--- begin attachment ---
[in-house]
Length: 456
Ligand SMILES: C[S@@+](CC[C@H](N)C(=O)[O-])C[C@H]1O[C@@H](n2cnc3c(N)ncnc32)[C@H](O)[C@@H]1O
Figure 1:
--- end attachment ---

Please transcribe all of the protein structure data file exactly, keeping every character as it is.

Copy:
[in-house]
Length: 456
Ligand SMILES: C[S@@+](CC[C@H](N)C(=O)[O-])C[C@H]1O[C@@H](n2cnc3c(N)ncnc32)[C@H](O)[C@@H]1O
Figure 1: